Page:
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The Spiritual History of Oil

Anointed with Oil:
How Christianity and Crude Made Modern America
By Darren Dochuk
Basic Books, pp. 688, $35.

Oil is a powerful substance that has generated philosophical, moral and spiritual upheaval in our societies for centuries. Present fears and concerns over a climate crisis and ecological destruction have created a circumstance in which oil itself has become symbolically inflamed and controverted. Just as fossil fuel has radically transformed our society it is now being blamed for our alleged ruin, and though our present discourse around oil development is often frenzied and divisive, we might all agree that there are few substances with such potential to create and destroy.

It is hard to think of a better time for Darren Dochuk’s Anointed with Oil. Far from providing yet another thin account of Christianity’s environmental failures, Dochuk explores the deep connections between oil, faith and providence in modern American and the global network American oilers established around the world. The book is beautifully written with clarity, sanity, and sympathy for an enormously complex and controversial subject. Beginning with the early discoveries of oil in 19th century Pennsylvania, Dochuk traces the expanding universe of oil exploration from California to Texas, Canada, Saudi Arabia and around the world. Each step of the way he identifies key figures, people of deep faith who were leaders in their Churches, and often connected to the global missionary enterprise and who saw in oil extraction a means of doing God’s work in the world.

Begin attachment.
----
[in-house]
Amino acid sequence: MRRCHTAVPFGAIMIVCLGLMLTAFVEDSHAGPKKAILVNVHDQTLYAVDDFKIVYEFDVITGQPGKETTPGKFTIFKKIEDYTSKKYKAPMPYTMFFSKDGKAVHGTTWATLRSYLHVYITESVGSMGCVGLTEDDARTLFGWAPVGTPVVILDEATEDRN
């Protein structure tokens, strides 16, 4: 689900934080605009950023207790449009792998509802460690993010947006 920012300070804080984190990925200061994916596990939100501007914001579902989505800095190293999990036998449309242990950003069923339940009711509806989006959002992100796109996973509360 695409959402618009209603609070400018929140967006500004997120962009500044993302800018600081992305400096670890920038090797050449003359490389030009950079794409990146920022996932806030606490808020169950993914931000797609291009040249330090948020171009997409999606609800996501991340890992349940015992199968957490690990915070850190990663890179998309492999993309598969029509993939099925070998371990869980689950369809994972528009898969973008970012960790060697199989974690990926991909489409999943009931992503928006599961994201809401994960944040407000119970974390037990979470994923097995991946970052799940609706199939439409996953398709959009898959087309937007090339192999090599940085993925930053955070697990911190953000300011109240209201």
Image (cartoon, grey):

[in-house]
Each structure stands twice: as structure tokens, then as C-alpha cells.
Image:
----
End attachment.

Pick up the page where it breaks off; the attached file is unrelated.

Central to the narrative are the Rockefeller and Pew families, who form a symbolic and theological polarity in the spiritual history of oil. The Rockefellers represent what Dochuk calls the “civil religion of crude,” a vision that drove Standard Oil’s global business and philanthropic models. For the Rockefellers, oil was a means of bringing prosperity, modernization and unity in a divided and unequal world, a vision that fit well with the social gospel of the early 20th century and the ecumenical movement that gained momentum out of the chaos of the First World War. Dochuk observes that John D. Rockefeller’s “embrace of a postmillennial, progressive gospel and concomitant humanitarianism reflected his comfortable standing in the world and confidence in man’s ability to transform it.”

Howard Pew’s Sun Oil, or Lyman Stewart’s Union Oil, on the other hand, represented a contrasting theological order, what Dochuk calls “wildcat” Christianity. These smaller, independent operators saw in oil a deep metaphor for the instability of the world, and the need to rely on a God who gives and takes a way. Wildcat oilers “shouldered the insecurities of the a volatile social and economic system and the conviction that Christians had neither time, need nor ability to restructure the world.” Unlike the postmillennial theology of Rockefellers, the wildcat oil entrepreneurs were most often premillenialists, who were not at all certain about the world’s future, which way history was tending, and when the present order would pass away.